Both Ends of the Avenue: The Presidency, the Executive Branch, and Congress in the 1980s

Both Ends of the Avenue: The Presidency, the Executive Branch, and Congress in the 1980s

Both Ends of the Avenue: The Presidency, the Executive Branch, and Congress in the 1980s

Both Ends of the Avenue: The Presidency, the Executive Branch, and Congress in the 1980s

Excerpt

According to the Congressional Research Service -- and who should know better? -- the distance along Pennsylvania Avenue from the White House to Capitol Hill is approximately a mile and a half. Physically, the distance is not very great; any reasonably fit tourist can walk it in half an hour. But politically, of course, the distance is much greater. The Founding Fathers did not want the relationship between president and Congress to be an easy one, and they succeeded in this as in. so much else.

Any time is a good time to explore the presidential -- congressional relationship, which is intrinsically fascinating as well as being of crucial importance for the whole American political system; but the early 1980s seem an especially apt time. The presidency is no longer under the clouds of Vietnam and Watergate, but Congress has changed enormously over the past twenty years, not least because of Vietnam and Watergate; and inevitably changes in Congress have produced changes: of equal magnitude in that institution's relations with the presidency and the executive branch generally. The dynamics of this new presidential -- congressional relationship -- or "conversation," as several writers in the following pages term it -- is the subject of this book. Each chapter explores a different aspect of the presidential -- congressional relationship. The book as a whole seeks to impose coherence on something that is, and was meant to be, incoherent.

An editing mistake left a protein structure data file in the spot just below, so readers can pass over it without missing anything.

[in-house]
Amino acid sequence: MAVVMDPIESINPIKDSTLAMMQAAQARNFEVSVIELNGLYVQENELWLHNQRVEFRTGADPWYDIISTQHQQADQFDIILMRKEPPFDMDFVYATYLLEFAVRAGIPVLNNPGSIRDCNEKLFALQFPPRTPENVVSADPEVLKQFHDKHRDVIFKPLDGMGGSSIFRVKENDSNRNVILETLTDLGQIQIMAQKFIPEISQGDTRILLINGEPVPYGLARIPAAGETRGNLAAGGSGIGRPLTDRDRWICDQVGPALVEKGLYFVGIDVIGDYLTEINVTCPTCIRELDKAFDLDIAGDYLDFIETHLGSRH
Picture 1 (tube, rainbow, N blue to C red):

Richard Neustadt taught students of American politics a generation ago to think of the presidency and Congress in terms, not of separation of powers but of separated institutions sharing powers. As will emerge, the theme of this book is partly one of sharing but more one of separateness.

Anthony King . . .

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